I’m leaving Facebook


Attention friends. I’ll be leaving Facebook in exactly 7 days from today. 

I no longer see the value in it and I don’t believe the company respects its users. I don’t care what Scoble says. I feel more like this.

If you want to get in touch with me after May 16th, you can e-mail me at tooter2 (at) gmail (dot) com, or follow me on Twitter. Of course I hope you’ll also keep reading my Posterous. You can even subscribe to it via RSS.

If you’d like to call me, feel free to ask for my number.

If you want to connect professionally, you can visit me on LinkedIn.

If you wan to view my photos, I’ll be transferring them all to Flickr shortly. Any new photos will also be posted there.

I’m feeling great about this by the way. Sweet freedom!


  1. Anonymous May 9, 2010

    Hey Anna!

    Completely empathise with what you’re doing – to a point. But wherever we are on the web, and whatever we’re doing, we’re far from protected from prying eyes.

    I suspect other web services and websites will follow Facebook’s lead in coming times and I personally see no merit in defecting.

    But your stance is honourable. I’m just glad I’ll still be able to follow your news elsewhere. I hope the benefits of doing this outweigh the disadvantages for you.

    All the very best – and well done!

  2. Anna Tarkov May 9, 2010

    Dave, I accept that we’re never completely shielded as long as we’re putting content online. But I prefer to do it in places where I have some degree of control. Though that technically exists with Facebook, I feel that, like the Wired piece says, if I have to read blogs and how-to guides in order to figure out how to have that control, then it must not be important to the people behind the social network that I have it. Hopefully that makes sense. As for the benefits outweighing the disadvantages, I really don’t foresee any disadvantages. I can’t think of anything I do on Facebook that I can’t do anywhere else.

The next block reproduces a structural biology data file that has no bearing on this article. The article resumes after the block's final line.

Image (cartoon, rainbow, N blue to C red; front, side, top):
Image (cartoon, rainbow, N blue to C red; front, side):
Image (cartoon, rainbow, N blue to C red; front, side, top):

3. Anonymous May 11, 2010

    I have always had privacy concerns about Facebook and Myspace and a lot of the social networking sites. I actually have resisted the siren song to join Facebook and after reading your post, I feel very glad that I have done so.

    Great decision. Great post. Good luck.

  4. Anonymous August 9, 2010

    Great Wired article — thanks for sharing that. This has been a long standing concern of mine, which is why I put as little as possible on my FB page. It is also why I do not encourage clients to do a FB page, because they are not brand building for themselves.

  5. Anna Tarkov August 9, 2010

    I don’t know what types of clients you have, but Facebook CAN be beneficial for certain people/orgs/politicians/etc. It shouldn’t be overlooked. It’s just not a good fit for me personally. For others it can be great.

  6. Anonymous August 9, 2010

    True, but it depends on what one is trying to accomplish.

    FB is a tool for promotion, but for brand building, a company is better off building relationships on a platform where they have more control over what happens to the content, whether that is on their own forum, an industry forum, or another place. They also need to devote time to be active on it, which in these times seems to not be a priority when you are building the FB brand and not your own.

    Curiously I’m also noticing a resurgence of people now doing LinkedIn, which is more about personal brand building and connections.

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